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A common struggle

How do medical schools identify and remediate professionalism lapses in medical students? A study of US and Canadian medical schools. Ziring D et al. Academic Medicine 2015; 90: 913-920.


Reviewed by Michael Ryan

What was the study question?
How do medical schools identify and remediate lapses in professionalism?

How was the study done?
The researchers conducted semi-structured interviews which were analyzed using both qualitative and quantitative methods to answer the research question. A “key person responsible for professionalism remediation” was identified by participating schools. He/she participated in a 30-minute phone interview which consisted of 16-19 questions including sections on local policies, identification of students with professionalism lapses, administrative response, and remediation.

What were the results?
A representative from 93 of the 153 (60.8%) LCME-accredited medical schools in the US and Canada participated in the research study. The vast majority (79.6%) of respondents had formal policies in place regarding lapses in professionalism. Lapses in the clinical phase were most commonly identified using discrete items on student evaluations (97.8%) and/or incident-based reporting mechanisms (92%). Methods of remediation included mandated mental health evaluations, assignments, mentorship, and counseling. There was significant controversy expressed over the nature and ethics of “feeding forward” professionalism concerns. Finally, there was marked variability and concern expressed in the role of faculty and evaluating the success of remediation efforts.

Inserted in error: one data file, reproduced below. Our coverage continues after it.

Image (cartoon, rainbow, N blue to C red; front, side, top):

What are the implications of these findings?
While the medical profession has done an excellent job describing what constitutes professional behavior, we often struggle determining how to handle lapses in professionalism. This article elegantly describes the commonality between medical schools’ approaches while highlighting our challenges. The authors propose consideration for the development of an online repository of policies and strategies for remediation, faculty development to assist in remediation efforts, and further scholarly exploration to examine the outcomes and implications of remediation strategies.

Editor’s note: This article clearly demonstrates our struggle with lapses in professionalism in our students, and points out the lack of proven approaches to remediation. As has been repeatedly demonstrated, students with professionalism issues in medical school have an increased risk of major professionalism issues later in their careers. It is in our best interests to study different approaches to these problems to find those that can have a measurable impact on these students’ future practices (LOL).

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